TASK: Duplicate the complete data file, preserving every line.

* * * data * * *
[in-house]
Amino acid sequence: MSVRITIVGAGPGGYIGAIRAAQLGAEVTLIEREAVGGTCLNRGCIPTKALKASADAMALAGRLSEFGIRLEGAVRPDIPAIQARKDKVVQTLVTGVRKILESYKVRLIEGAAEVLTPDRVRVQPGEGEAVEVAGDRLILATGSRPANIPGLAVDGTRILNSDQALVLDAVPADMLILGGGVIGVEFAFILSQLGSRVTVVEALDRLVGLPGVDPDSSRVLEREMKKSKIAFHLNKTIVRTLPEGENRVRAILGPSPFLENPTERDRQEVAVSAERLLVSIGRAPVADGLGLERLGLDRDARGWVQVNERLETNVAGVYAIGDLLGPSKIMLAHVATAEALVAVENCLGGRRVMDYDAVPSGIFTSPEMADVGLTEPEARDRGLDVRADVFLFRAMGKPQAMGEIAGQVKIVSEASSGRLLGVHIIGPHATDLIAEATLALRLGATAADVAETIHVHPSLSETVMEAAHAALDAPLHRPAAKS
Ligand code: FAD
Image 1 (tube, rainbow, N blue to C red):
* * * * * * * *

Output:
[in-house]
Amino acid sequence: MSVRITIVGAGPGGYIGAIRAAQLGAEVTLIEREAVGGTCLNRGCIPTKALKASADAMALAGRLSEFGIRLEGAVRPDIPAIQARKDKVVQTLVTGVRKILESYKVRLIEGAAEVLTPDRVRVQPGEGEAVEVAGDRLILATGSRPANIPGLAVDGTRILNSDQALVLDAVPADMLILGGGVIGVEFAFILSQLGSRVTVVEALDRLVGLPGVDPDSSRVLEREMKKSKIAFHLNKTIVRTLPEGENRVRAILGPSPFLENPTERDRQEVAVSAERLLVSIGRAPVADGLGLERLGLDRDARGWVQVNERLETNVAGVYAIGDLLGPSKIMLAHVATAEALVAVENCLGGRRVMDYDAVPSGIFTSPEMADVGLTEPEARDRGLDVRADVFLFRAMGKPQAMGEIAGQVKIVSEASSGRLLGVHIIGPHATDLIAEATLALRLGATAADVAETIHVHPSLSETVMEAAHAALDAPLHRPAAKS
Ligand code: FAD
Image 1 (tube, rainbow, N blue to C red):